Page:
Let’s say we want to make a sandwich. The sandwich we want is a Tofurkey® lettuce and tomato sandwich. In this case, the sandwich is made of two bread objects, a Tofurkey® object, a lettuce object, and a tomato object. Our bread object takes two arguments, the type of bread desired, and a number that describes how many pieces we want. We will assign the Bread object to the variable ‘bread’ for more concise use with the ‘sandwich’ object later.

var bread = Bread(wheat, 2);
 

Lets define some other ingredients. You can probably guess what the arguments are using the above pattern.

var tomato = Tomato(seeded, 2);
var lettuce = Lettuce(3);
 

Next we will create a sandwich variable that references a Sandwich object.  We use the ‘make’ message on the object and supply the bread argument so the Sandwich class knows what kind of bread and how much is being used. Then, we use the .with message to fill the bread sandwich with tasty ingredients.

var sandwich = Sandwich.make(bread).with(Tofurkey®, lettuce, tomato);
 

So the variable ‘sandwich’ is now an instance of the class Sandwich that is defined as have two slices of wheat bread, Tofurkey®, three slices of lettuce, and two seeded slices of tomato. Of course, once made we know what to do with it...

sandwich.eat;
 

The above example implies that the Sandwich class responds to at least three messages, .make, .eat, and .with, and that it does something when it receives those messages. Using the analogy above, the .eat message makes total sense with our Sandwich class, but might not with another made-up class, for example the Automobile class.  However, the .make message does make sense in both cases if you are building a sandwich or building a car.  The fact that you can use the same message (.make) with different classes is called Polymorphism.  The important thing to remember is that the Automobile class receiving the message .make *may* do something completely different or unexpected with it such as make the car start or make the ejector seat fire.  It's up to the object to define what .make means to it rather than .make impose an action on the object.  To see a good real-world example of this, type 'play' into the IDE, select it and hit ctrl + d to pull up the implementations of it in the Help Browser.  Now have a look at what the Function class and the Routine class do with the .play message.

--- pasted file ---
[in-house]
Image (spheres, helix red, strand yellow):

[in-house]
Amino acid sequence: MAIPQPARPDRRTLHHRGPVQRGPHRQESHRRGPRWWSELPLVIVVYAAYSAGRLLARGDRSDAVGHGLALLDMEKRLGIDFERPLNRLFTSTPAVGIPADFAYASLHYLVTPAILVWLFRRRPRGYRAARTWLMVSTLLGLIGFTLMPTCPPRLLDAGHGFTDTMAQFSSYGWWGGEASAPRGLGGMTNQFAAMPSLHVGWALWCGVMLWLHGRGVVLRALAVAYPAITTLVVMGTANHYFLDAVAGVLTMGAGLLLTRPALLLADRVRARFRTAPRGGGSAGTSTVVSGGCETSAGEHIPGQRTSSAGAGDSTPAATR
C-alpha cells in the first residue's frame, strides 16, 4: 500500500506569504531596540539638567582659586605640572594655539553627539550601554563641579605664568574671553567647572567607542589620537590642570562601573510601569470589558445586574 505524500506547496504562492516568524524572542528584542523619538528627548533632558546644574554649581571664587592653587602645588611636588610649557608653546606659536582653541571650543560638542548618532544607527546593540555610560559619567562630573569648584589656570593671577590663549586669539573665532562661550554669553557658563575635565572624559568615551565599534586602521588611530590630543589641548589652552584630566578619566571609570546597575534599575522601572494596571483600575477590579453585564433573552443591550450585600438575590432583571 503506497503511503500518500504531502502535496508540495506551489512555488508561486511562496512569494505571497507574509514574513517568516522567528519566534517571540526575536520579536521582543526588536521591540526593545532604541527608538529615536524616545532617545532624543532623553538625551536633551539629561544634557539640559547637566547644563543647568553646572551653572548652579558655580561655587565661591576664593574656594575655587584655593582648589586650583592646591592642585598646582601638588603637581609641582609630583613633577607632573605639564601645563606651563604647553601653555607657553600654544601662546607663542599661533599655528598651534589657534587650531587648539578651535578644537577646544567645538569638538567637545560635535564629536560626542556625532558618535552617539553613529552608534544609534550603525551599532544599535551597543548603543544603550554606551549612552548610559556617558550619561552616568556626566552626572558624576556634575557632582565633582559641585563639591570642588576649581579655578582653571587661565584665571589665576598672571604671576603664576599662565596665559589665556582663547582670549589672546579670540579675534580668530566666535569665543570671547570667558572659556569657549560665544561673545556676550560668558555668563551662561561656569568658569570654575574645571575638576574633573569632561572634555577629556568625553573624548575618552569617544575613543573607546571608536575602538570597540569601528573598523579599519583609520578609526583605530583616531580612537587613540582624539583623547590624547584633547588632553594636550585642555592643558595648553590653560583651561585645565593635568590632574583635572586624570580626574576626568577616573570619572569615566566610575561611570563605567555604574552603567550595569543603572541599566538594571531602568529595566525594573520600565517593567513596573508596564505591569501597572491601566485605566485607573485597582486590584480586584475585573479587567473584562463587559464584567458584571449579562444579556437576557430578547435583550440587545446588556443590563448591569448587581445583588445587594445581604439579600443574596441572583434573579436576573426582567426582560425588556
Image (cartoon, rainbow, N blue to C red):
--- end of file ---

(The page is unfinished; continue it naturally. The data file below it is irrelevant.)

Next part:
Okay, enough of analogies, let’s look at some real code.

4. Simple Code Exposition

Here's our old friend the “Computer Thinking in Space”.

play{FreeVerb.ar(SinOsc.ar(LFNoise0.kr(10, 1000, 1100)).clip)!2}
 

The FreeVerb object is a reverb UGen. The .ar message tells it to run at the audio rate. The stuff that comes after it, SinOsc.ar(..., are arguments to the object.  Arguments to UGens supply signals (inputs) or data necessary for the class to work.  FreeVerb's audio rate arguments look like this:

*ar (in, mix: 0.33, room: 0.5, damp: 0.5, mul: 1, add: 0)
 
in = the input signal, in the above example the input is the SinOsc object.
mix    = dry/wet balance.
room = the size of the virtual, reverberant space.
damp = the amount of high-frequency damping.
mul    = amplitude (how loud the sound coming out is)
add    = DC offset
 

In our example, the input is a SinOsc UGen. All the other arguments that supply information about the size of the room, the mix, etc, are left to their defaults.  (Again, you can copy and paste this code into SC3 and select FreeVerb and press ctrl+d to pull up the Help File.  It will show you all the input arguments for the class.)

The SinOsc object only has one argument supplied as well, that for the frequency of the oscillator.

The LFNoise0 object is a step noise UGen that is supplying the frequency for the SinOsc UGen. Ten times a second, the LFNoise0 object chooses random values between 100 Hz and 2100 Hz.

The .clip at the end of the SinOsc Ugen clips its output, changing it from a pure sine tone to a slightly squared-off tone. The ! 2 message duplicates the whole shebang so that the audio, which would have gone only to the left channel, goes to the right channel as well.

Just to blow your mind, here’s another way to code the exact same thing:

{var lfo = LFNoise0.kr(10, 1000, 1100);
var sine = SinOsc.ar(lfo);
FreeVerb.ar(sine.clip)!2
}.play